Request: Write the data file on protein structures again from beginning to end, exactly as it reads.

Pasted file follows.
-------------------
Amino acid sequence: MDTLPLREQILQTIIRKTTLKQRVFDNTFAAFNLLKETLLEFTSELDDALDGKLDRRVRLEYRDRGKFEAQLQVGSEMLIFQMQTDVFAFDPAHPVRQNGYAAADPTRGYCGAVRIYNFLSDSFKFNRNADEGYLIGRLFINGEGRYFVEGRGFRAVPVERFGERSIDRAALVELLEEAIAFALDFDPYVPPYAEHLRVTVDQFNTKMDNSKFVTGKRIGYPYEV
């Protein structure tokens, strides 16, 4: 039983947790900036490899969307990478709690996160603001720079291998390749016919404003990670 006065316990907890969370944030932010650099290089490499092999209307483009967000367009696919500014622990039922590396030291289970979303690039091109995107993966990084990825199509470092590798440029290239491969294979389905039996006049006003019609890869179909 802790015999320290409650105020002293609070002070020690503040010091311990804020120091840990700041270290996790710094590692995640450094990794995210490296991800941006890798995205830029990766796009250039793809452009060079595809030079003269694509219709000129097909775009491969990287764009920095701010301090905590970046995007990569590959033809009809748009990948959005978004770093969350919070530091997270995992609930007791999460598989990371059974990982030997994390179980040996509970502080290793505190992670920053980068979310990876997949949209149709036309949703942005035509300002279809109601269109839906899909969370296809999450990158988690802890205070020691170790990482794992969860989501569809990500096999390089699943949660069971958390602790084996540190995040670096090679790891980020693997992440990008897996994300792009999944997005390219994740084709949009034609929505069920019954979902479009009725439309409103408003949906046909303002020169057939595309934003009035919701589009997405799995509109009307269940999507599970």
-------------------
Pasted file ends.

Amino acid sequence: MDTLPLREQILQTIIRKTTLKQRVFDNTFAAFNLLKETLLEFTSELDDALDGKLDRRVRLEYRDRGKFEAQLQVGSEMLIFQMQTDVFAFDPAHPVRQNGYAAADPTRGYCGAVRIYNFLSDSFKFNRNADEGYLIGRLFINGEGRYFVEGRGFRAVPVERFGERSIDRAALVELLEEAIAFALDFDPYVPPYAEHLRVTVDQFNTKMDNSKFVTGKRIGYPYEV
């Protein structure tokens, strides 16, 4: 039983947790900036490899969307990478709690996160603001720079291998390749016919404003990670 006065316990907890969370944030932010650099290089490499092999209307483009967000367009696919500014622990039922590396030291289970979303690039091109995107993966990084990825199509470092590798440029290239491969294979389905039996006049006003019609890869179909 802790015999320290409650105020002293609070002070020690503040010091311990804020120091840990700041270290996790710094590692995640450094990794995210490296991800941006890798995205830029990766796009250039793809452009060079595809030079003269694509219709000129097909775009491969990287764009920095701010301090905590970046995007990569590959033809009809748009990948959005978004770093969350919070530091997270995992609930007791999460598989990371059974990982030997994390179980040996509970502080290793505190992670920053980068979310990876997949949209149709036309949703942005035509300002279809109601269109839906899909969370296809999450990158988690802890205070020691170790990482794992969860989501569809990500096999390089699943949660069971958390602790084996540190995040670096090679790891980020693997992440990008897996994300792009999944997005390219994740084709949009034609929505069920019954979902479009009725439309409103408003949906046909303002020169057939595309934003009035919701589009997405799995509109009307269940999507599970």